A Weekend of Performative Discourse
16–17 September 2017
As an extension of the opening of Migrating the Margins, AGYU plays host for a weekend of food, movement, and conversations. Anchored by Farrah Miranda’s Speaking Fruit and Sister Co-Resister’s Walking Salon. The weekend’s activities migrate between the gallery, Black Creek Community Farm, and Stong Farmhouse to activate the histories and geographies of the Keele Campus. Speaking Fruit is a mobile, roadside fruit stand and design studio that feeds the movement for migrant farmworker rights. Sister Co-Resister’s Walking Salon works through concepts of belonging, proprietary understandings of land, and Canada’s immigrant paradigm and treaty partnership identity. Artists and academics Syrus Marcus Ware and Gloria Swain, from the Faculty of Environmental Studies (FES), guide our collective investigations through performance and discursive workshops.
This performance-research-walking-symposium is action based. Come prepared to move and be moved!
Saturday, September 16
1:00 pm Meet at the AGYU (Accolade East Building)
Emelie Chhangur: Migrating the Margins curatorial tour
1:30 pm Amy Desjarlais: Opening remarks
York University’s knowledge keeper, Amy Desjarlais begins the afternoon of discussions and workshops
1:45 pm Farrah Miranda: Speaking Fruit
Held on the land at Black Creek Community Farm, Speaking Fruit brings migrant farmworkers and Indigenous food producers together with artists and community organizers. Eating, drumming and dancing, we consider what comes out of the soil and how. Experimenting with music, dance and growing practices, we till the soil of the future.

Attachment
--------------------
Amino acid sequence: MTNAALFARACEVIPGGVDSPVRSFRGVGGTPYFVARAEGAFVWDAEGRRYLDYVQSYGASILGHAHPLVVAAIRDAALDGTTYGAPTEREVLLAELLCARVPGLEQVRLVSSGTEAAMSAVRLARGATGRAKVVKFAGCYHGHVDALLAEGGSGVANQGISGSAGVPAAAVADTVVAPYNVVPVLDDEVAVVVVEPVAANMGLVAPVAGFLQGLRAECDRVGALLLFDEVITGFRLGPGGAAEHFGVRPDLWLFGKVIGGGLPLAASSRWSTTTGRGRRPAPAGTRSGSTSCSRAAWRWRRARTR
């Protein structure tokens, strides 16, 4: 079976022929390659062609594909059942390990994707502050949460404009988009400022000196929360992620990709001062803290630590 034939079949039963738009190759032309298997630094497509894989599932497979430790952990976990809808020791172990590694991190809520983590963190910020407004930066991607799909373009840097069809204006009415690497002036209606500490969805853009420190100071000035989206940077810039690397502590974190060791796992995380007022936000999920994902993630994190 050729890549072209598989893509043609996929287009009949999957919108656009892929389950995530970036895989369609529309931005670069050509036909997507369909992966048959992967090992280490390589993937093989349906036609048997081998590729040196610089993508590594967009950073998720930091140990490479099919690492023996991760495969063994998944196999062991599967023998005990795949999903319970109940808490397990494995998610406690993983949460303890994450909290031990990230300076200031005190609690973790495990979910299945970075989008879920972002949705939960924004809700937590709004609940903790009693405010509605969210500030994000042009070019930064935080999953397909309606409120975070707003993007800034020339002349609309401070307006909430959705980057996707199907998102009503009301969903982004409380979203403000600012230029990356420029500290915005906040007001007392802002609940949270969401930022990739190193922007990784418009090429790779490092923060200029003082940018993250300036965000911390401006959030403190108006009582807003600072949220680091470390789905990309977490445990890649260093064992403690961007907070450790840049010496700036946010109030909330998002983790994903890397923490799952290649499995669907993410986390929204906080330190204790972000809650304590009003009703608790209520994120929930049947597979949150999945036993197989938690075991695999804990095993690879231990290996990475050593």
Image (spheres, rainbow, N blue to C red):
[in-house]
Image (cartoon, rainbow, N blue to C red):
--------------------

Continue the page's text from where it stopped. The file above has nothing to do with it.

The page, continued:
Resident members of the Black Creek Food Justice Network and Neighbour to Neighbour Centre (N2N) in Hamilton discuss the social and political realities and intersections of food security and access in their neighbourhoods.
Adrianne Lickers, coordinator of Our Sustenance, a community greenhouse project located on Six Nations of the Grand River Territory in Ontario, talks about the connections between food, land and community and the ways that linking them can change lives. Produce harvested by migrant farmworkers in Southern Ontario and corn from the greenhouses of Our Sustenance fuels the celebratory soups and stews served during the day.
Evelyn Encalada Grez, organizer and co-founder of Justice for Migrant Workers, leads a participatory discussion on re-envisioning and humanizing our food system. She connects our discussions to current victories and examples of farmworker movements in the USA to expand our capacity to re-envision ethical food justice for all.
Gabriel Allahdua from Justice for Migrant Farmworkers and the Migrant Workers Alliance for Change discuss their efforts to build solidarity with migrant farmworkers and to share their understandings of the land and their relation to it.
Music and dance performances by Ruben Esguerra, Heryka Miranda, and Moyo and Kuda.
5:00 pm Closing remarks
Sunday, September 17
1:00 pm Meet at AGYU